Maurice Utrillo is the very example of the self-taught painter, trained by the street and not by museums. His eventful life contributed to creating the legend of a tormented artist whose sadness is expressed in the countless views of Paris and its suburbs.

Maurice Utrillo is one of the only painters of the ‘Butte’ to have been born in Montmartre, he is the son of Suzanne Valadon, model for Puvis de Chavannes, Berthe Morisot, Renoir, Toulouse-Lautrec. It is by observing them that she learns to paint, her son being one of her favorite models when he agrees to hold the pose. Suzanne Valadon is introduced to Edgar Degas who teaches her some techniques, encourages her to paint and is her first buyer.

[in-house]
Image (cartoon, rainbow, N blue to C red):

Despite his mother’s good connections, young Maurice, the illegitimate son of a bohemian who was a poet, painter, singer but above all a drunkard, Utrillo could have gone bad. Fortunately, his mother succeeded in teaching him painting, which would always remain his only therapy until his death.

His childhood was spent with his grandmother, his feelings of abandonment and loneliness made him sink into alcohol, causing many disorders (violence, dementia). From the age of 18, he made several stays in the asylum. However, his therapeutic occupations saved him and perhaps helped to reveal his genius.

Maurice Utrillo began to paint regularly from 1926 onwards and made a living from his painting.

In 1936 he married Lucie Valore with whom he settled in Le Vésinet. She plays a role in the management of the couple’s finances and watches over Maurice to prevent his relapse into alcoholism.

During his career, Maurice Utrillo mainly painted urban landscapes, views of the Montmartre district that can be admired through his paintings, etches and lithographs. His style is so particular that it is difficult to classify him in an artistic movement.